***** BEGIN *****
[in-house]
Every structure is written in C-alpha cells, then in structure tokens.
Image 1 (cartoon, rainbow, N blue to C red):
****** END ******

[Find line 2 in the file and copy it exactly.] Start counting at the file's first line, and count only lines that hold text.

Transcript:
Every structure is written in C-alpha cells, then in structure tokens.